Thursday, November 22, 2012

Camping in the Grampians

Last week the House of Barr expanded to include Grandma and Pampa Barr for their annual grandparent visit. This year’s trip was at short notice so I hadn’t pre-planned an excellent adventure to anywhere and already had work booked in. Not to be deterred, I quickly did some reorganising and then pondered where to go for a shortish week or longish weekend of “me” time.

As usual numerous ideas popped into my head… I phoned Tasmania to see if there was any chance of joining the four-day Bay of Fires Walk at short notice (alas, no); I googled airfares to Exmouth in Western Australia to see Ningaloo Reef (more planning needed); I checked out the likelihood of sighting a great white shark off Port Lincoln in a shark cage in November (January seemed better); I contemplated road trips (in no particular order) to, Byron Bay, Batemans Bay or the Flinders Ranges and then crossed them off as too far in too short a time and really, road trips are a lot more fun with a travel buddy.

In the end I decided to catch up with Victorian friends at Terang and Hamilton and then spend a few days camping with my Tarptent, swag and a good book at Halls Gap in the Grampians National Park, a mere three and a bit hours from Barham.

After reading numerous travel reviews, I chose the Lakeside Tourist Park a few kilometres south of town and pitched my tent on soft green grass in amongst some shady trees that looked out to an open grassy area filled with kangaroos, emus and deer.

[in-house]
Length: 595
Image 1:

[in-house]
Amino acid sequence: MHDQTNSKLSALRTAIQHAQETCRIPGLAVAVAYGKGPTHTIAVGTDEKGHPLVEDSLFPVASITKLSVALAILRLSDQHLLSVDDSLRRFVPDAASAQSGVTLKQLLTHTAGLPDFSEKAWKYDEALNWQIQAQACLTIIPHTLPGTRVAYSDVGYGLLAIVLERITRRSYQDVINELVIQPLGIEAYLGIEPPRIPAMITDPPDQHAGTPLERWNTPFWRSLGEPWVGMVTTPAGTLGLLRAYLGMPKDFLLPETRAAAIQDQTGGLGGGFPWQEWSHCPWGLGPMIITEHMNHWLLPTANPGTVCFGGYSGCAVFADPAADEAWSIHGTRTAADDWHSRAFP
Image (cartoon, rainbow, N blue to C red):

That first evening I sat out on my deckchair with a glass of wine and a packet of kettle chips to share with about twenty very friendly sulphur-crested cockatoos.

As they said in The Castle, I could feel the serenity.

When it comes to relaxing, a few days camping in the Australian bush is hard to beat… especially when the weather is in the mid twenties and flushing toilets and hot showers are a short walk away at the immaculate Lakeside Tourist Park amenities block.

The Grampians are a series of imposing ancient sandstone mountain ranges formed some 380 million years ago. While the Grampians have been attracting bushwalkers since the 1890s, human habitation in the area dates from about 17,000 BC. The first Europeans to the area were Scottish born explorer, Thomas Mitchell and his exploration party in 1836; he named the Grampians after the Scottish mountain range of the same name.

Tempting though it was to spend my days relaxing on my swag reading Kathryn Stockett’s 2009 novel “The Help” about African American maids working in white households in Jackson, Mississippi during the early 1960s… the weather was too perfect not to get out and enjoy some of the walks readily accessible in the area.

Driving out to the Wonderland car park, I walked through Victoria’s version of the Grand Canyon and then along the Stony Creek to Turret Falls, where I admired the wildflowers and filled up my drink bottle.

The next day I headed back to the Wonderland car park and again walked through the Grand Canyon before continuing further up over rocks and the well-maintained track through areas of relatively thick bush to The Pinnacle (about an hour’s walk from the carpark). Looking out from The Pinnacle I was rewarded with a magnificent view across the Fyans Valley with Halls Gap at the bottom and further out to the various lakes on the eastern side of the Grampians.

Driving further along the road from the Wonderland car park heading towards Horsham, I came to the MacKenzie Falls. Situated on the MacKenzie River they are Victoria’s largest waterfalls and located about half an hour’s drive from Halls Gap. I opted for the relatively easy Bluff Walk, which gave me a spectacular view of the MacKenzie River Gorge and waterfalls.

Back in Halls Gap I discovered some excellent coffee at the Livefast Café and an even more excellent chocolate, macadamia nut and coconut slice. The perfect place to sit and write this week’s column…

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